KATHMANDU — All 14 people aboard a small plane heading for the Everest region, including four Americans, a Japanese and a Briton, were killed when the plane crashed in bad weather near the Nepalese capital on Tuesday.
"Our teams have now reached the site and I can confirm that there are no survivors. All 14 people are dead," said Bimlesh Lal Karna, head of rescue operations with the civil aviation authority.
The Agni Air plane was returning to Kathmandu after it was unable to land at Lukla, its intended destination in a popular trekking spot in the Everest region of eastern Nepal, home ministry spokesman Jayamukunda Khanal told AFP.
Thousands of travellers fly into Lukla, 140 kilometres (90 miles) northeast of Kathmandu, every year to access the stunning Himalayan range that forms Nepal's northern border with Chinese-controlled Tibet.
Local villagers said they saw the plane crash into a field next to a school about 15 miles south of Kathmandu and break up on impact. The cause of the crash was not immediately clear.
"There are small pieces of the plane all over the field and you can see body parts. We are all so shocked," villager Pratap Lama told the Kantipur radio station.
Relatives of some of the passengers gathered at the airport in Kathmandu to wait for news.
"My cousin is a trekking guide and he was flying up to take a group of tourists to Everest base camp," Ganesh Rijal, 40, told AFP.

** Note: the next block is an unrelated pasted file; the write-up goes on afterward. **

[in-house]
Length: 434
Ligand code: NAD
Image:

"He got married recently and his wife is in deep shock. I have been waiting here for hours, but nobody has been able to tell me anything."
The 550-metre-long (1,800 feet) sloping airstrip at Lukla, perched on a hillside 2,757 metres above sea level, is considered one of the most difficult landings in the world.
The last major accident there was in 2008 when a Twin Otter plane carrying 18 people crashed killing everyone on board.
The airport is used by climbers heading for the heights of Everest, though now is the low season for both mountaineering and trekking.
Tourism is a major foreign currency earner for impoverished Nepal and the number of visitors has increased since a civil war between Maoist guerrillas and the state ended in 2006.
Earlier this year, the government announced an ambitious plan to attract a million tourists to the country in 2011 -- around twice the number that visited in 2009.